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Japanese Lawmakers Finalize Enactment of Political Reforms


TOKYO — With the support of Prime Minister Morihiro Hosokawa's coalition and opposition Liberal Democrats, Parliament's upper house today made final the enactment of Japan's most drastic political reforms since the post-World War II occupation era.

The laws enacted today fill in enforcement dates omitted from an eleventh-hour, stop-gap passage of the bills Jan. 29.

Designed to favor larger parties, the new system is expected to force an amalgamation of the hodgepodge of 10 political parties that now exist into two or three groups and facilitate changes of government.

Until rebels bolted the Liberal Democratic Party last summer, the former ruling party had held power for 38 years.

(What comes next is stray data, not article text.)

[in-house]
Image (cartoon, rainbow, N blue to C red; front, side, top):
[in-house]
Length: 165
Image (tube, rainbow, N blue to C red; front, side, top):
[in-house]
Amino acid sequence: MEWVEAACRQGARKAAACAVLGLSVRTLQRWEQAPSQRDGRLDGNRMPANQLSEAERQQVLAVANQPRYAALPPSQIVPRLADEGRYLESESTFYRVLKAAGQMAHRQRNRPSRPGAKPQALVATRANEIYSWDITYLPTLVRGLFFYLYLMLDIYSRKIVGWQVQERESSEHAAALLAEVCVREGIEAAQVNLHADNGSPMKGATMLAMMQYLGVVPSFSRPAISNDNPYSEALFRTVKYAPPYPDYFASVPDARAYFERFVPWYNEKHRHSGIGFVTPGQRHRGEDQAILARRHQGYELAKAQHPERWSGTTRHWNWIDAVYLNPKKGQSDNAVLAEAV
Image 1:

One more step remains before a general election can be conducted under the new system, which provides for voters in each district to elect a single representative, instead of an average of four, to the lower house. Parliament must approve a bill establishing boundaries for 300 single-seat districts, to be drawn up in six months.

In all, the new lower house will have 500 seats, with voters casting a second ballot for political parties to choose 200 seats through proportional representation.

In exchange for limiting annual corporate donations to individual politicians to $4,800, the government, for the first time, will donate $297 million each year to political parties in proportion to the seats they hold in the lower house.

The new system should be ready to go by early next year. Should Hosokawa dissolve the lower house before then--an action that is not expected--balloting would be conducted under the old system of multi-seat districts.

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